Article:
A NEW report into the ‘Trojan Horse’ controversy is final proof that claims of a Bradford link were “blown out of all proportion”, an MP says.

The investigation - by former counter-terror chief Peter Clarke - found evidence of an “aggressive Islamist agenda” to take-over some schools in Birmingham.

And it criticised school leaders who “espouse, or sympathise with, or fail to challenge extremist views”- although it found no evidence of extremism taking root.

But Mr Clarke made no mention of Bradford in his 129-page report, other than to note the original Trojan Horse letter “was supposedly written to an unnamed person in Bradford”.

Last month, David Cameron hinted he believed Trojan Horse had spread to Bradford, when he told MPs: “The situation - not just in Birmingham, but elsewhere - is extremely serious.”

And, earlier this month, the T&A revealed that inspectors had made “emergency” visits to two city schools - Carlton Bolling College and Feversham College - in the wake of the controversy.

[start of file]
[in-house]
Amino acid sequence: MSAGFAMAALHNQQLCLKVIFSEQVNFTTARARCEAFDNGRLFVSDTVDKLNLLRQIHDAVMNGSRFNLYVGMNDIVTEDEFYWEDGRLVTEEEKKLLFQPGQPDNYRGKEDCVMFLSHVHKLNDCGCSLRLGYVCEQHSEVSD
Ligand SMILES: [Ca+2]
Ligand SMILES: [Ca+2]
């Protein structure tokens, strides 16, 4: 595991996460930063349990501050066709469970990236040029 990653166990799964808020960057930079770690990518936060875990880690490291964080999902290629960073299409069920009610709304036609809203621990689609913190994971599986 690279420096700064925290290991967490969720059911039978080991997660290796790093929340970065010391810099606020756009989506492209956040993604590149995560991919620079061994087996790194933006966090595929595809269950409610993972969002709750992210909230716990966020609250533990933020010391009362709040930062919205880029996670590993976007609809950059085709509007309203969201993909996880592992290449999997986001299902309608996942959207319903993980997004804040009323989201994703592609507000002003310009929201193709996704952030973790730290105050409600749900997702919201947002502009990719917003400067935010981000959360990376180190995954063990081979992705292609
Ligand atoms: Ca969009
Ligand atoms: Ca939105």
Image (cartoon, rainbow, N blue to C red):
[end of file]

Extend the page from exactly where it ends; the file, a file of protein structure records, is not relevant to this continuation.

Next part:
Bradford Council then sacked the board of governors at Carlton Bolling, after watchdog Ofsted said it was failing to protect students from extremism.

Reacting to Mr Clarke’s report, Bradford East MP David Ward said: "The whole thing has been blown out of all proportion and this report confirms that.

"When it comes to Trojan Hoax – as it should be called – I think it’s now accepted that there wasn’t really any link with Bradford.

"Some people in Bradford knew some people in Birmingham and they quite liked the look of what was happening in Birmingham and thought ‘We’re going to do something like that’.

"I fundamentally disagree with them, but they were doing it with the finest of intentions, because they believed they would raise educational attainment."

In a statement to MPs, new Education Secretary Nicky Morgan said changes would "improve the intelligence" about extremism in schools, including independent academies.

She said: "We have appointed regional schools commissioners backed by boards of local outstanding head teachers who will bring local intelligence to decision making on academies."

Agencies would work more closely to “improve the intelligence available to us on whether other parts of the country are similarly vulnerable to the threats that have been exposed in Birmingham”.

A department for education spokeswoman added: "Where we find evidence we will act, as we showed in Bradford by removing the governing bodies at Laisterdyke and Carlton Bolling."